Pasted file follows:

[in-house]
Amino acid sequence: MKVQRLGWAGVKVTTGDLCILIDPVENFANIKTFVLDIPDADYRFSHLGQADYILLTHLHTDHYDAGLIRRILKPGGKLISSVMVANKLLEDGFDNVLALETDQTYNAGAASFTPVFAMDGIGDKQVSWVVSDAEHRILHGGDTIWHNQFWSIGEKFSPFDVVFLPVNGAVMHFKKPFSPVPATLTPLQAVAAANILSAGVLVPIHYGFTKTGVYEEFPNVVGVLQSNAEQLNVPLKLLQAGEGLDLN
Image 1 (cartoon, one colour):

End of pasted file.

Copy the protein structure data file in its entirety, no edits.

[in-house]
Amino acid sequence: MKVQRLGWAGVKVTTGDLCILIDPVENFANIKTFVLDIPDADYRFSHLGQADYILLTHLHTDHYDAGLIRRILKPGGKLISSVMVANKLLEDGFDNVLALETDQTYNAGAASFTPVFAMDGIGDKQVSWVVSDAEHRILHGGDTIWHNQFWSIGEKFSPFDVVFLPVNGAVMHFKKPFSPVPATLTPLQAVAAANILSAGVLVPIHYGFTKTGVYEEFPNVVGVLQSNAEQLNVPLKLLQAGEGLDLN
Image 1 (cartoon, one colour):